As an educator, I appreciate plugins/virtual instruments that provide informational value, in addition to being usable in a musical context, and the encyclopedic collection of instruments available in Hans Zimmer Percussion allow it to serve as a sort of historical document of the drums and sounds achieved by Zimmer and his incredibly talented team.

Composer Tip: Hans Zimmer Percussion allows the user to control the dynamics, releases, expression, and response of a loaded instrument. The “boom” and “crack” controls afford the user even more sonic sculpting capabilities. Additionally, one can change the mix of the mics while performing. The result is an incredibly expressive and dynamic virtual instrument, especially if you map these controls to your favorite MIDI interface.

Don’t settle on simply loading a patch and recording a part. Rather, experiment with the different controls, and even manipulate them while performing so that your percussive layers feature the dynamics common to those heard in the soundtracks of Hollywood blockbusters that Zimmer and his team are celebrated for creating.

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The Arturia V-Collection 7

As popular music continues to draw upon nostalgia for the 1980’s, so has film and television. The popularity of Stranger Things (and its perfectly executed, synthesizer-based soundtrack by Kyle Dixon and Michael Stein) has rekindled the love of electronic music by composers Vangelis, John Carpenter, and others who scored films during “the decade of excess.”

The latest update to the V-Collection from Arturia includes classic synthesizers and keyboard instruments from the 1980’s and decades prior, including the Yamaha DX7 and CS-80, Sequential Circuits Prophet 5, New England Digital Synclavier, Moog Modular, and even a Mellotron. For any piece of music that requires the unmistakable, authentic sounds of these instruments, the V-Collection from Arturia offers fun to use, and much more affordable alternatives than the actual hardware.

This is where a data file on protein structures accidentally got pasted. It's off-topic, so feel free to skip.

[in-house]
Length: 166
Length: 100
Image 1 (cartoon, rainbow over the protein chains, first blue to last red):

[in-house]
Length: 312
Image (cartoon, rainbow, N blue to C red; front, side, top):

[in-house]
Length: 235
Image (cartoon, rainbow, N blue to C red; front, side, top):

Composer Tip: The Arturia V-Collection sounds great and the virtual instruments do an excellent job of capturing the character of the originals, but when mixing, I do recommend some degree of processing to place them within context. A lot of these classic synths were originally recorded to analog tape and/or using analog hardware, so I suggest using analog emulation plugins (if not actual hardware) to warm them up a bit.

LA Modern Percussion by Audio Ollie

Allen Meyerson is credited as the score mixer for some of Hollywood’s hardest-hitting blockbusters including Pirates of The Carribean, Gladiator, Transformers, and many more. Score mixers are deeply involved in the recording of the scores, as well, choosing the microphones and determining the recording configurations. Meyerson’s scores are known for their enormous, aggressive percussion tracks, and Audio Ollie sought out to make a virtual instrument capable of recreating these iconic sounds. For use with Kontakt Full 5.8, LA Modern Percussion is a stunning achievement with 25 GB worth of meticulously captured instruments including Taiko, Bass Drum, Toms, and more.

Composer Tip: LA Modern Percussion was recorded with 14 different microphones and includes effects such as compression, saturation and equalization. Although the drums sound wonderful and already “mixed” right out of the gate, it’s absolutely worth taking the time to experiment with the different microphone configurations and effects to see how they can be used to help the drums fit better in context.

Also worth noting is that LA Modern Percussion is configured so that users are afforded several different ways of performance. There are three different mapping styles, meaning how the samples are laid out across the piano roll. Users can choose between having velocities laid out chromatically on the keyboard, or having higher velocities played depending on how hard they hit individual notes. Additionally, LA Modern comes with many impeccably performed loops, which I find great for inspiration.